A look at inner classes

Reduce class clutter in your Java designs: Use inner classes

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In this twisted case, the value of k is modified before ee is returned. Now it would be nice to be able to defer the creation of the object instance until it was needed, but how would one know what value of k to use? The one when the new was executed or the one when the return was executed? The answer is you can't know, so the JavaSoft engineers decided that k has to be declared final so that compilers can enforce the fact that it will not change. That is exactly what the JavaSoft engineers did. When k is declared final, the statement changing its value will be rejected by the compiler, and the semantics of what k's value is becomes unambiguous.

And then there was this

When you're writing code in Java, inevitably there will be a time when you have to refer explicitly to an instance variable that is defined as an instance of the current object. You do that by using the this qualifier on a variable name. The name this.x refers to a variable named x in this instance of the object. It is pretty obvious that if you refer to this in an inner class, it refers to fields or variables defined in the inner class itself. However, we just got through a declaration that used an instance variable of the enclosing class -- rootNode -- and if we just had to define a variable in the inner class also named rootNode, how could we possibly tell them apart? The answer is that there is a new this in town: the qualified this.

A qualifier is now supported with regards to the this keyword. The definition of that qualifier is that you can use the name of any enclosing class as the qualifier for this. In our hypothetical example of an inner class defining its own field named rootNode, the value in the inner class is always this.rootNode, and the value in the enclosing class can be accessed with the name BinarySearchTree.this.rootNode. You can see that this name will always be unambiguous because Java 1.1 adds a rule that an inner class cannot have the same name as any of its enclosing classes.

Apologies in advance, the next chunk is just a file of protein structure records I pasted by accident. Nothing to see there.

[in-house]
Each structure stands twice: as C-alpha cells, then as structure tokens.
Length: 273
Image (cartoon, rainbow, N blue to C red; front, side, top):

There are a lot of ways to get confused about which class variable you are referring to, and I suggest you stick with unambiguous names for your instance variables. Fortunately, only the compiler writers have to know what you name an instance variable from an enclosing class that is itself an anonymous inner class.

Other ideas to consider

One issue that always pops up for new users of the Java language is the lack of pass-by-reference semantics for Java's method invocations. The response to queries on how to get pass-by-reference semantics is to create a class that points to a set-able value that you can later retrieve. The response to that answer, in turn, has always been a bit of disgust at having to create an entire class just so you could get back more than one value from a method invocation.

Consider the way in which inner classes address this issue in the bit of code shown below.

public class PointSample {
    public void samplePoint(IntSetter x, IntSetter y, FloatSetter m) {

The above code wants to return three return values: x, y, and m. So instead of passing local types, we pass in an object reference of type IntSetter or FloatSetter. The definition of IntSetter is as follows:

public interface IntSetter {
    public void set(int value);